The Power of Parables

Want some Good News after a hard week? Me, too.

I’m launching a new virtual retreat, and you’re the first to know about it!

Parable: A Retreat on Change will come to you in the comfort of your home on Sept. 23-26. Here’s the scoop…

My parents have an irresistible toy at their home: a colorful sphere made of interlocking plastic parts. When you toss it in the air, it expands to five times its size. 

Among all the amusements my parents have kept stashed away for young visitors, this ball is perennially fascinating. I’ve wound up in the playroom at countless family parties only to watch parents pick up the ball and play with it themselves, expanding and contracting with their hands like a whimsical accordion. 

Turns out the toy is called a Hoberman sphere. Odds are good you’ve seen one, too.

Chuck Hoberman, the Harvard professor who created the famous sphere, works with principles of “transformable design.” He wanted to create objects that could transform themselves as clouds change shape in the sky, using only a push or pull for energy. 

The Hoberman sphere is like a parable. When you examine it from a distance, it appears to be static, simple, and solitary: one thing. 

But when you toss it into the air, when you let movement enter the equation, when air expands the space between, everything changes—size, shape, color, and form. 

You are now looking at something completely different. 

The wisdom—indeed the sheer brilliance—of Jesus’ parables is that they are designed to transform. They grow in meaning across cultures and centuries. They change within our own lives, too. 

Far from simple children’s stories, parables are powerful paradoxes of truth. They are meant to hold mystery, not one single meaning. They are created to expand and become something bigger than we expected. They invite us to marvel and compel us to look twice at what our hands can hold.

This is why I want to spend a whole retreat praying with the parables, with you.


I dreamt up this retreat last year as I finished the first level of formation in the Catechesis of the Good Shepherd. Together with my fellow catechists, I often shared how transformative this training had been, coming a close second to the three years I spent in full time theological study.

Catechesis of the Good Shepherd introduces the young child to the parables in ways that are not simplistic or saccharine, but invite deep theological pondering. I felt my skin tingle when I first experienced this parable method, my heart burning, my mind aflame—choose the metaphor, they all sparked to life within me a desire to share this approach with adults, too.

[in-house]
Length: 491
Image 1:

(So while this retreat is not affiliated in any way with CGSUSA, it is inspired by this method’s wisdom and owes every debt of gratitude to the teachers who taught me.)

I also felt drawn to offer a retreat on change. Who among us hasn’t felt their life carved by change over the past two years? The pandemic has transformed nearly every aspect of our lives, and it’s not done yet. Change hangs heavy in the air right now.

September is a perfect time to pray about transitions, as we shift seasons and many of us enter into a new school year that shapes our life and work. Back-to-school can feel like a second New Year’s; we’re ready to reinvent everything with enthusiasm. 

Exactly when we need a pause to re-center in God—and what better way than starting with a retreat?

The Parable Retreat will explore 5 parables over 4 days (Sept. 23-26). The shortest stories, but they pack a punch. We will place Jesus’ powerful storytelling in conversation with the changes that have shaped our own lives: whether positive or negative, personal or professional, collective or individual, past or present or future. 

We’ll pray and ponder together, asking God how we are called to change and grow in response to Jesus’ parables and the stories of our lives.

The Parable Retreat will launch to the public on Tuesday, Aug. 31. But for you, it’s live right now! Click here to learn more.

I hope you’ll join us, to let the parables transform you, too.

Peace,

Laura

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